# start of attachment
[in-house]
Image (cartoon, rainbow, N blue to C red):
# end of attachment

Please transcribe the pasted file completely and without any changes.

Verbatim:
[in-house]
Image (cartoon, rainbow, N blue to C red):